• Optimize database queries – by adjusting the stage of database connection and polling its resources so that only the information that is needed in the most efficient and lightest way is retrieved;
  • Portal, in addition to using the main database, also uses temporary cache, which is used to store and read the most used data, and it uses less bandwidth and has better parameters, thus relieving the underlying MySQL database. This accelerates the slowest part of the page loading process – the connection to the MySQL database and the polling and retrieval of its resources.

Persons with visual impairment

Our portal is created by and for changemakers also with disability, particularly visual impairment. From the very beginning it was clear that it has to be accessible to them. And here again we found a challenge how to do so, at the same time, making it visually attractive for our sighted users.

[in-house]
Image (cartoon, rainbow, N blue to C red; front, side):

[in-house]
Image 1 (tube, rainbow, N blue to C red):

Accessibility features for users with visual impairment:
  • use of frameworks designed to be more accessible (Bootstrap 3 on WordPress site and Moodle 3.2 on course platform);
  • use of ARIA and the “screen reader only” class on specific elements (ex: skip to navigate or content links, using words to describe icons, labeling buttons and form fields);
  • use of proper HTML semantics used on course content for screen navigation (ex: h1, h2, h3, etc. for headings, button tag for buttons, descriptive links);
  • inclusion of image descriptions (ex: alt tags);
  • text transcription and subtitles for videos for deaf or hearing impaired users;
  • accessibility guide on navigating quickly with access keys and adjusting font size using browser functionality
  • functionality for user to change the color of fonts and background for better contrast.